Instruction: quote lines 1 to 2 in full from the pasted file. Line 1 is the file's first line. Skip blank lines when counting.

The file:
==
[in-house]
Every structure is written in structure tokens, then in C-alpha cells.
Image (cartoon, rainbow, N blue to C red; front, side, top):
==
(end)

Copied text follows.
[in-house]
Every structure is written in structure tokens, then in C-alpha cells.